Rep. Raul Ruiz cites Media Matters study about COVID-19 misinformation on TikTok while questioning company CEO Shou Zi Chew

Rep. Ruiz: “Media Matters found that a sample of 18 videos with COVID-19 misinformation were viewed over 57 million times”

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Citation From the March 23, 2023, House Energy & Commerce Committee hearing

REP. RAUL RUIZ (D-CA): Thank you Chair Rodgers. I echo my colleagues' concerns about TikTok's impacts on the health and well-being of the American public. As a doctor and the ranking member of the Select Subcommittee on the Coronavirus Pandemic, I am troubled that TikTok is rife with medically inaccurate information, including dangerous misinformation and the intentional disinformation about COVID-19 and vaccines. TikTok's community guidelines state that the company will remove content or accounts that involve quote, “misleading information that causes significant harm” unquote. However, since the early stages of the pandemic, TikTok has been used as a platform for people pushing misinformation, disinformation, including by those casting doubt on the safety and efficacy of lifesaving vaccines. And despite TikTok’s pledge to address harmful misinformation, these videos are being viewed millions of times. For example, the Institute for Strategic Dialogue, found that a sample of 124 TikTok videos containing vaccine misinformation were viewed 20 million times. And Media Matters found that a sample of 18 videos with COVID-19 misinformation were viewed over 57 million times. Here's another shocking study. The Journal of American Medical Informatics Association found that when searching hashtag, quote #coronavirus on TikTok, almost 30% of the videos that came up contained misinformation. Videos in that sample containing a high level of misinformation were reviewed a median of 9.4 million times. Mr. Chew, what are – why are these dangerous videos falling through the cracks of your company’s efforts to enforce its own community guidelines and remove harmful misinformation?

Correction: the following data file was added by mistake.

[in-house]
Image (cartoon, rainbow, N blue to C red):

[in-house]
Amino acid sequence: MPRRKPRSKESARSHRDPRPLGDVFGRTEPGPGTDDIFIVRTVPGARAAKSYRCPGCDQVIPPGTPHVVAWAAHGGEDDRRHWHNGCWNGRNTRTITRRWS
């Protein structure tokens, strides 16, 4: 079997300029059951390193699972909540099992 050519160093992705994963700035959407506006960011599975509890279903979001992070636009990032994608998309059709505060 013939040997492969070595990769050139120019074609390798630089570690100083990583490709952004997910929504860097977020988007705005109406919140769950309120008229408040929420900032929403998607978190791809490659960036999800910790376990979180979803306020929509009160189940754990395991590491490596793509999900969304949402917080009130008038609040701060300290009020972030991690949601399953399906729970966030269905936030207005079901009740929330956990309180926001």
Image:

SHOU ZI CHEW (TIKTOK CEO): Yes, any dangerous misinformation is – we partner with third-party experts to be able to identify and help us with subject domain expertise. And with the expertise that we recognize, we rely on those to develop policies, recognize and remove content.

RUIZ: Your efforts have failed. And they're dangerous.